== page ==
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Old 07-20-2008, 12:58 PM   #1
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Location: Iowa City, IA
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Cyano victory!

I would like to share my victory over the dreaded cyanobacteria.

I started my 29 gal tank in April. I have 130W of CF lighting on for 12 hours daily, a Seaclone skimmer, two modded HOB filters serving as refugia with chaeto and LR rubble, maybe 50lbs of LR, and a 4" DSB. I use only RO/DI water I refill from my local grocery store.

At first my levels were very good, but after a while I noticed a large infestation of the cyanobacteria despite ideal levels of nitrate, phosphate, nitrite, and ammonia. I would remove the slime manually from the sand and within hours it would be regrown.

I changed two things which completely eliminated the cyanobacteria:
  • I improved flow all around: I pointed powerheads back into corners to force flow through the backs of the LR, and also introduced a much stronger powerhead which at first seemed like overkill but now is dispensible. In my 29 gal I have a weak powerhead on the left side pointing to the back to force flow through the LR, I have a strong 380gph powerhead forcing flow from the left to the right of the tank, I have a wavemaker powerhead on the right pointing mostly to the back but also to the right, the discharge of my seaclone emptying into the top right, and the HOB refugia emptying into the back center of the tank.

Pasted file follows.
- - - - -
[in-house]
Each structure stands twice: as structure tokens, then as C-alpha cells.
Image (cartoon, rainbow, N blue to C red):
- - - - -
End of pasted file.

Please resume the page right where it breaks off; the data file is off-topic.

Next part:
• I purchased 2 tiger conchs. These guys are amazing, churning the DSB better than the nassarius snails I have in my tank. They gobbled up the cyano on the sand and now voraciously feed on the algae on the LR. They allow me to feed at a high level, which I feel comfortable doing. I realize that I may have to give one or both of these guys away if I don't think they are getting enough algae to eat.
I did not want to reduce my photo period because I have a condy anemone, palythozoa, and mushrooms which all are healthy but are likely to the low end of their lighting needs in my tank.

I did not want to try antibiotics because I did not want to introduce any additional toxins to my tank.

I hope this may help some of you struggling with cyano.

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Old 07-20-2008, 06:55 PM   #2
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Awesome! I usually don't like to add extra meds to my tanks either. Antibiotics aren't such a great solution since the cyano is bacteria and so is the beneficial bacteria that converts ammonia to nitrates.
Age is relative, you are only as old as you act....of course, this works in reverse....

Questions loved, heeded advice greatly appreciated!

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Good reading about:
Nitrogen Cycle
Fishless Cycling
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